Description : This collection is distinguished by its focus on women in struggle over the course of United States history and by its source: the pioneering journal Feminist Studies. From its inception, Feminist Studies and its contributors have linked scholarship to activism and made major contributions to the development of women's history. U.S. Women in Struggle gathers a selection of the strongest pieces published in the journal from the mid-1970s to the mid-1990s.
Description : Reproducible student activities cover territorial growth, the Industrial Revolution, the rise of slavery, and the reform movement.
Description : Economics and U.S. History are intimately interconnected. On a fundamental level, understanding the past helps your students understand our economic system and the keys to economic growth.
Description : A resource for all who teach and study history, this book illuminates the unmistakable centrality of American Indian history to the full sweep of American history. The nineteen essays gathered in this collaboratively produced volume, written by leading scholars in the field of Native American history, reflect the newest directions of the field and are organized to follow the chronological arc of the standard American history survey. Contributors reassess major events, themes, groups of historical actors, and approaches--social, cultural, military, and political--consistently demonstrating how Native American people, and questions of Native American sovereignty, have animated all the ways we consider the nation's past. The uniqueness of Indigenous history, as interwoven more fully in the American story, will challenge students to think in new ways about larger themes in U.S. history, such as settlement and colonization, economic and political power, citizenship and movements for equality, and the fundamental question of what it means to be an American. Contributors are Chris Andersen, Juliana Barr, David R. M. Beck, Jacob Betz, Paul T. Conrad, Mikal Brotnov Eckstrom, Margaret D. Jacobs, Adam Jortner, Rosalyn R. LaPier, John J. Laukaitis, K. Tsianina Lomawaima, Robert J. Miller, Mindy J. Morgan, Andrew Needham, Jean M. O'Brien, Jeffrey Ostler, Sarah M. S. Pearsall, James D. Rice, Phillip H. Round, Susan Sleeper-Smith, and Scott Manning Stevens.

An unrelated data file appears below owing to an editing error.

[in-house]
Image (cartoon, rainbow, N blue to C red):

Description : In the last several decades, U.S. women's history has come of age. Not only have historians challenged the national narrative on the basis of their rich explorations of the personal, the social, the economic, and the political, but they have also entered into dialogues with each other over the meaning of women's history itself. In this collection of seventeen original essays on women's lives from the colonial period to the present, contributors take the competing forces of race, gender, class, sexuality, religion, and region into account. Among many other examples, they examine how conceptions of gender shaped government officials' attitudes towards East Asian immigrants; how race and gender inequality pervaded the welfare state; and how color and class shaped Mexican American women's mobilization for civil and labor rights.
Description : Chronicles the life of the woman who was first lady when Washington, D.C., was burned in 1814, covering her girlhood on a Virginia plantation, early years in Philadelphia, first marriage, new life married to the future president, and later years.
Description : Twenty-two leading scholars offer a comprehensive guide to American religious history--from colonial times to today--organized topically, in a resource that includes an extended glossary and bibliographies listing relevant books, films, articles, music and media resources.
Description : Volume 12 of Women in German Yearbook opens with a cluster of cross-disciplinary articles. Sara Lennox explores pertinent theoretical issues and introduces articles by historian Atina Grossman, sociologist Myra Marx Ferree, and political theorist Joan Cocks. Three subsequent articles focus on the nineteenth century: Todd Kontje challenges the notion that the Wars of Liberation renewed conservatism regarding gender, Irmela Marei Kr_ger-F_rhoff presents a new reading of the father-daughter relationship in Kleist?s Marquise of O . . . , and Helen G. Morris-Keitel describes the ?cultural work? of Louise Otto?s Castle and Factory. ø Barbara Hales analyzes the criminal femme fatale as evidence of Weimar Germany?s deep-seated discomfort with modernity; Kathrin Bower discusses poems by Nelly Sachs and Rose AuslÜnder as searches for the (M)other; Charlotte Melin analyzes gender differences in reworkings of the Alice in Wonderland motif; Helgard Mahrdt explores connections between Ingeborg Bachmann?s prose and the cultural criticism of the Frankfurt School; and Frederick A. Lubich interviews the writer Elisabeth Alexander. Two articles focus on cultural differences: Karen Jankowsky reads The Facade by Libuse Monkov¾, a Czech author writing in German, and Leslie Adelson discusses Eva Demski?s Afra in terms of Afro-German discourse. The volume closes with the editors? views on the yearbook?s role in creating an ?American Germanics.?